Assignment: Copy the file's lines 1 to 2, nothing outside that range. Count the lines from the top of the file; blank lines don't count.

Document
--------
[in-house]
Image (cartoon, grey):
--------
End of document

[in-house]
Image (cartoon, grey):